Public Health Emergency Preparedness
This resource was part of AHRQ's Public Health Emergency Preparedness program, which was discontinued on June 30, 2011, in a realignment of Federal efforts.
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Appendix M. HEALTH Contact Center Assessment Tool Set Description*
Bioterrorism & Public Health Emergency Planning and Preparedness Tool Summary
HEALTH Contact Center Assessment Tool Set
Purpose: The HEALTH Contact Center Assessment Tool Set provides ways to understand the magnitude of an emergency event from a risk communication perspective, and the staff, resources, and technology needed to meet information demands.
- Contact Surge Calculator—Provides a simple way to predict the amount of contacts (phone, Web site, E-mail, fax) that may be expected by a public health agency due to a bioterrorism or emergency event.
- Staffing/Resource Calculator—Provides a simple way to determine personnel needed to handle an expected amount of contacts based on industry standards. This tool will help agencies understand staffing and basic resource requirements for an internal contact center or hotline.
- Capital and Technology Expense Calculators—Provide a means to assess the facilities, technology, and equipment needed to handle an expected amount of contacts. The tool calculates the potential capital needed for resources not currently available. This tool will help agencies understand potential costs associated with an internal contact center or hotline.
- Surge Options Matrix—Provides a simple way to assess your agencies capabilities for implementing an emergency contact center or hotline and suggests potential options.
Intended Users: State and local public health and health care agencies.
Format: Microsoft® Excel workbook and narrative user guide.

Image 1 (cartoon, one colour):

How it Works:
- In the fall of 2001, the intentional release of anthrax spores in the Eastern United States caused much fear and panic. The Denver Health Medical Information Centers (the Rocky Mountain Poison and Drug Center and the Denver Health NurseLine) experienced a 10 percent increase in call volume without an actual incident in the five-state service region (CO, HI, ID, MT, NV).
- What would your agency do to accommodate a surge in contacts from a public trying to get
- Could you adequately predict the potential volume?
- How would you begin to identify staff and other resource needs?
- Understanding the potential information demands related to public health emergencies and developing strategies to handle these surges is important for all public health and health care agencies.
- The user will enter data into the tools or view sample calculations to determine resources needed to meet potential risk communication demands related to public health emergencies.
- The user will review different options and strategies for handling these risk communication demands and better understand the requirements and resources for each option.
How to Obtain the Tool Set:
- Tools are available on the AHRQ Web site at: http://www.ahrq.gov/research/health/.
- AHRQ Grant Principal Investigator:
Gregory Bogdan, Ph.D.
Research Director & Medical Toxicology Coordinator
Rocky Mountain Poison & Drug Center—Denver Health
Street Address: 990 Bannock St., 4th Floor
Mailing Address: 777 Bannock St., Mail Code #0180
Denver, CO 80204
*This tool was developed by Denver Health Medical Information Centers under Contract No. 290-00-0014, AHRQ Task Order No. 6, for the U.S. Department of Health and Human Services, Agency for Healthcare Research and Quality.
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